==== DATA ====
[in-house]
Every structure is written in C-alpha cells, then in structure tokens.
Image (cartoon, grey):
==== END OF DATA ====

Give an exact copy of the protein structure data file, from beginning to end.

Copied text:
[in-house]
Every structure is written in C-alpha cells, then in structure tokens.
Image (cartoon, grey):